• *Fun fact* Some of the headstones were used as target practice by British troops during occupation. A favorite target was Daniel Marcoms headstone which reads “A true Son of Liberty, a friend to the publick, an enemy to oppression, and one of the foremost in opposing the Revenue Acts on America.”
  • *Off the beaten path* Leaving the cemetery instead of following the red line go right down Snow Hill Street which merges with Charter Street until you hit Commercial Street walk to Puopolo Park and there you will find a small sign commemorating the great Boston Molasses Flood. In 1919 a molasses tank exploded causing a 40 foot wave of molasses traveling at 35 mph. 21 people and a dozen horses died, and hundreds more were injured. Local lore is on a hot summer day you can take a deep breath and still smell the molasses.
The Bunker Hill Monument.

The Bunker Hill Monument.

Bunker Hill Monument

  • Now we start heading over to Charlestown (where my family is from originally).
  • The Bunker Hill Monument commemorates the Battle of Bunker Hill on June 17th 1775, even though it actually took place on nearby Breed’s Hill.
  • The Americans lost this battle, but it proved to be a turning point in the revolution, the colonists were outnumbered almost 2-1 against the British Army only surrendering the hill because they had run out of munitions. It was after this battle that the Americans believed they could stand toe to toe with the British.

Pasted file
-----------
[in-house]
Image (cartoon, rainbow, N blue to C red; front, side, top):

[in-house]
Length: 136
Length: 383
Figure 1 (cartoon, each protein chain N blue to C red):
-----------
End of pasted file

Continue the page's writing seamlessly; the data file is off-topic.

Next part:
• *Fun fact* In front of the monument is a statue of Colonel William Prescott who famously told the colonial farmers not to ‘fire until you see the whites of their eyes’ in order to save ammunition during the battle.
  • *Fun fact* At one time the monument was fitted with a light and used as a beacon of sorts for incoming ships to navigate through Boston Harbor.

USS Constitution

  • Alright kids, we’re at the end of the line now. See that big boat in front of you, it’s the USS Constitution, built in 1797 it is the oldest ship in the US Navy and the oldest commissioned warship afloat in the world. George Washington himself ordered it to be built.
  • She got her nickname ‘Old Ironsides’ during the war of 1812 when at battle it seemed that the cannonballs that were fired at her just bounced off her sides. This caused people to think the boat was actually made of iron not wood.
  • The USS Constitution is technically considered to be a museum ship. But it’s manned by about 65 crew members, all of whom are active duty in the US Navy. A duty assignment to the Constitution is considered to be a special honor.
  • *Fun fact* The ship still sails! Each year on the 4th of July the Constitution is taken out of Boston Harbor and turned around, so her sides weather evenly. People apply to be in a lottery in order to be able to enjoy the ride.

Well there you have it, a quick and dirty guide to the Freedom Trail for you. Next time you’re in Boston make a few stops along the trail and let me know what your favorite spots were!